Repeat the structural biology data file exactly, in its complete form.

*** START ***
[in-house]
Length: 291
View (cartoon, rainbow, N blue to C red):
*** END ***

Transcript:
[in-house]
Length: 291
View (cartoon, rainbow, N blue to C red):